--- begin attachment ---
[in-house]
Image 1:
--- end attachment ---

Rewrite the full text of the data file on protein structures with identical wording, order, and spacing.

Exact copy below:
[in-house]
Image 1: